Joseph Majid’s wartime service as an interpreter for Americans has now been translated into a courtroom fight for the resident of California’s San Joaquin Valley.
A U.S. citizen of Afghan descent, Majid says the FBI has been surveilling him around his Lathrop home in southern San Joaquin County, as well as bad-mouthing him to various employers. While his case may remain a long shot, a federal judge has given him some hope.
In a partial victory for Majid, the judge on Tuesday kept alive a slice of his lawsuit against the FBI. The 22-page decision out of the D.-C.-based U.S. District Court means, in effect, that Majid can keep pressing on and, perhaps, discover more about what’s been happening to him.
“Whether Mr. Majid can succeed on the underlying claims and what relief he may be entitled to are questions for another day,” U.S. District Judge Gladys Kessler noted. The lawsuit seeks compensation, among other things.
Majid’s original complaint, filed last April, targeted the FBI, several unnamed California-based special agents and a former co-worker with DynCorp International, a major military contractor. The alleged problems were an outgrowth of Majid’s service as a “security linguist” in Afghanistan from July 2012 to 2014.
The explicit and implicit message the FBI sent to (Majid’s) employers was that he was a problem and that he had potential terrorist connections.
Complaint filed by Joseph Majid of Lathrop, Calif.
Starting with a salary of $184,500 per year, the Californian worked at two U.S. military bases in Kandahar and Helmand province, where, he claims, he was “treated as a second-class citizen” almost from the start.
The former DynCorp co-worker, Majid’s complaint alleged, “resented the fact that he made an enormous amount of money compared to her salary, and made misrepresentations to (officials) that he was a security risk and had ties to the Russian government.”
Allegedly squeezed out of his Afghanistan work, Majid returned to California and, he says, began experiencing employment problems he attributes to the FBI. At several points while working as an Uber driver, he claims, he repeatedly picked up a passenger who “looked surprisingly like one of the agents who had photographed him at his other employment locations.”
“The FBI (agents) have spoken to every single employer (Majid) has had from July 2014 to present, and implied in those conversations that (Majid) was a security risk. That was why they would need to be monitoring his activities and his associates,” attorney Martin F. McMahon said in the complaint.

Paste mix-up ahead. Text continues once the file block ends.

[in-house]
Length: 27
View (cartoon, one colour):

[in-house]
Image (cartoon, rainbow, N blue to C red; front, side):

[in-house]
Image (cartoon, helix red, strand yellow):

On Wednesday, McMahon said he was heartened by Kessler’s keeping the lawsuit alive.
“We are pleased with the opinion, because it gives our client a shot at justice,” McMahon said, adding that Majid “so much believes in American values, and can’t believe why he’s being scrutinized by the FBI.”
Majid’s lawsuit claims the FBI invaded his privacy and violated his constitutional rights to due process, among other arguments. Last August, the FBI asked Kessler to dismiss the agency from the suit.
“There has been no waiver of sovereign immunity for a money damages claim,” the Justice Department said in a court filing. It further argued that Majid has “no individual right of access, to amend or to seek damages for inaccuracies in the FBI’s investigative files,” because such files in the agency’s Central Records System have been made exempt from the Privacy Act.
In her decision Tuesday, Kessler countered that “there is a major problem with the FBI’s argument” concerning potential investigative records because, she noted, some files may also be located outside of the Central Records System. This possibility keeps part of Majid’s complaint alive.
Kessler added, however, that sovereign immunity protected the FBI from Majid’s due-process complaint, while some other parts of the lawsuit weren’t addressed at all.